While Venezuelan Vice President Nicolas Maduro will most likely win an election to succeed Hugo Chavez, “I don’t think he’s going to be able to keep the movement together,” LIGNET.com Managing Editor Fred Fleitz told Newsmax TV.
“In the short term, Maduro will continue Chavez’s power, Chavez’s influence and his policies,” Fleitz, a former analyst for the CIA, told Newsmax in an exclusive interview. “But Maduro is not the charismatic figure that Chavez was. He’s not going to be able to promote the Chavez movement the way he did. He doesn’t view the younger members of Chavez’s entourage. He doesn’t have the support of some of the older members.”
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So, the United States can immediately expect “a very sharp anti-American approach by Venezuela that they’ve been pushing in the hemisphere, that’s going to be unchanged,” Fleitz added.
“But in the long term, there’s some potential for the United States to work with the opposition in Venezuela to maybe promote some moderate leaders.”
The Venezuelan constitution requires an election within 30 days after a president dies, if it occurs during the first four years of a six-year term, Fleitz said.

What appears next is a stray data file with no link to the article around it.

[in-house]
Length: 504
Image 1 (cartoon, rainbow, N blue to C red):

“However, Chavez was arguably not really the president because he was not sworn in on Jan. 10 as he was supposed to be legally,” he said. “They simply gave him a pass — so right now it’s unclear whether Maduro is actually the vice president and exactly how to proceed.
“They will have elections in 30 days, and because of the sympathy vote for Chavez, Maduro is likely to win.”
Fleitz expects the opposition party, led by Henrique Capriles, to work hard to increase its presence in any new elected government, but “the sympathy vote is going to give an advantage to Chavez followers, but the economy is in such terrible shape that once this passes — the aftermath of Chavez’s death — there’s going to be a lot of infighting among the supporters, and the effects of the economy will set in on the population and the opposition is likely to be very rough.”
Cuba, a longtime Venezuelan ally, also is going to work to keep the Chavez coalition together, Fleitz said.
“Cuba is dependent upon Venezuelan oil, much of which they purchase through barter. Cuba can’t borrow money in the international financial market since it defaulted on loans about 15 years ago, so they’re certainly in a dire situation in terms of energy,” he said. “They’re very dependent on Venezuela for oil — and it’s certain that Cuba is very worried right now.
“They’re going to do everything they can to try to hold together the Chavez coalition in Venezuela.”
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